Superfoods, College Style

By Cameron Jenkins

What’s up with all this talk about superfoods? According to the Merriam-Webster Dictionary, a superfood is “a food (such as salmon, broccoli, or blueberries) that is rich in compounds (such as antioxidants, fiber, or fatty acids) considered to be beneficial to a person’s health.” This source states that “superfoods are foods—mostly plant-based but also some fish and dairy—thought to be nutritionally dense and thus good for one’s health.”

In plain words, foods that are deemed “super” are really just super packed with awesome good-for-you nutrients. Yeah, good stuff.

But how, you may ask, can I get some of these nutrient dense foods in my body? You may say that you are a college student with the unfavorable demise of cafeteria food on a daily basis. I am here to say in this blog post that a cafeteria does not have to limit you from consuming superfoods! Some of your favorite foods may be on the list AND available in the cafeteria.


All hail the leafy greens! Spinach is filled with antioxidants, a substance that helps prevent or stop cell damage caused by oxidants, such as Vitamin C and beta-carotene. Don’t forget about iron, a major nutrient in healthy nails and hair. Vitamin K is also a contributor that is important in bone and heart health.

So, where can you find this green powerhouse? Look for these leaves in the salad bar, casseroles, and hidden in soups.


Oats are known for soluble fiber, a key component in promoting smooth movement through your digestive system. In addition, oats help lower cholesterol and keep your heart happy while also keeping blood sugar under control. Oats pack a punch for their small size and simple instructions.

I have seen the oats bin/package at every MSU cafeteria. Just use the hot water near the coffee station, mix together, add toppings such as berries or chopped nuts, and be on your way! Oats can also be found in many of the cereals, but watch out for lots of added sugar in some of the processed goods.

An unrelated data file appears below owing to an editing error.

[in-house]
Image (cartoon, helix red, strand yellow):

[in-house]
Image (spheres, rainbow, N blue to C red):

What don’t eggs have? Hidden antioxidants fight degeneration of eyes. Eggs raise HDL (the good) cholesterol and help fight LDL (the bad) cholesterol. Not to mention lots of vitamins, but eggs basically contain small amounts of almost every mineral and vitamin required by the human body. These include calcium, potassium, and iron. Lastly, protein is a big contributor to its superfood standing.

Hello, omelet bar! Go ahead and ask for three eggs in your masterpiece because you deserve it. Eggs are also a staple at most salad bars. In many dishes, eggs may be an ingredient. You may be consuming this superfood and not even know it!


Potassium rich, vitamin heavy, and fiber-full, bananas not only taste good but are also good for you. Need I say more?

I spy a basket of bananas in every cafeteria. Bananas are also very versatile, meaning they can be used many ways. From eating this portable snack on the go to chopping up to add on oatmeal or cereal, bananas are seemingly a perfect fruit.

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This is just a small sampling of the superfoods that you can find in a cafeteria. If you simply search “superfoods” in your favorite search engine, hundreds of lists of the nutritious foods will pop up. A lot of the lists have the same, awesome superfoods foods on them with details about why they are deemed the best of the best.

Happy eating, friends.

Acai bowl from this summer–look at those fresh berries!



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